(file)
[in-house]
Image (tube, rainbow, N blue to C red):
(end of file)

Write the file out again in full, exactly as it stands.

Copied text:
[in-house]
Image (tube, rainbow, N blue to C red):